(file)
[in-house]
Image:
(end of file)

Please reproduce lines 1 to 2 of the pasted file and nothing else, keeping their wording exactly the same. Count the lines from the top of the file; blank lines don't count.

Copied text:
[in-house]
Image: